A huge crowd gathered to watch a group of local men dressed as ladies and women dressed as men, according to the October 9, 1917, edition of the Market Harborough Advertiser.
Almost an entire column is given over to the ‘match report’ of the Comic Ladies v Gents Football Match in aid of the Market Harborough Territorial Xmas Fund, which sends Christmas parcels to every one of the 1,750 men from the town serving in uniform.
The report says: “The Gents were attired in female costume, and as if their handicap of flowing skirts was not sufficient they had their right arm tied up so as to render it useless.”
The ladies, ‘who wore the full colours of the Harborough Town Team’ were bolstered by ‘Mrs’ Dick Kelly, who in ‘a voluminous pleated skirt performed prodigies of valour for his side’.
It is clearly all taken in good fun and society of 100 years ago would not have found it patronising to see the report say ‘the ladies played remarkably well considering their short experience of the game’.
The match, at the Town Cricket Ground, was followed by a fancy dress dance at the Messrs R W H Symington and Co’s Girls Club Room.
“The majority of those present were in fancy dress costume and when dancing was in full swing in the artistically decorated Club Room the scene was very animated and pretty one, the many hued dresses of the dancers making the scene a veritable riot of colour.”
The report gives a 21st century reader an insight into how those on the home front were coping with the war – always remembering their menfolk by raising money for Christmas gifts – but refusing to wallow in the terrible human tragedies that were occurring daily.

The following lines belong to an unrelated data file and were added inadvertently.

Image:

Perhaps that is why there is such a discrepancy in the number of lines the fancy dress football match and dance receives in comparison to the story in the same edition headlined ‘Harborough soldier reported dead, but alive and well’.
Only 19 lines are given over to the news that Private P Goddard of the Labour Corps, Market Harborough, is not dead – despite his family being told otherwise by the Army.
Imagine how his poor mother must have felt when she received ‘an official telegram’ explaining her son had died of wounds received in battle.
Then imagine how she must have felt when she received another telegram that there was a mistake: her son is alive and well.
The mixture of emotions – grief, denial, relief, delight, anger and bitterness – must have swirled around the family and this is perhaps why there are very few details about the family and why the report is so brief.
The story concludes with a quote from the commanding officer apologising over the error and explaining that another Private Goddard from Buxton was in fact the young man who had died. “Apparently there has been a mistake made. I do not know who was responsible for it and I sympathise with you in the unnecessary alarm it caused you.”
- This column is published every Monday by John Dilley on the Newspapers and the Great War website and will continue until the 100th anniversary of the final armistice in November 2018.